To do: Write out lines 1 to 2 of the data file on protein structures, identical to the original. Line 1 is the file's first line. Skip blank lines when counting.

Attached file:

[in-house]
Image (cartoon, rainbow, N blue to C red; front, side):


[in-house]
Image (cartoon, rainbow, N blue to C red; front, side):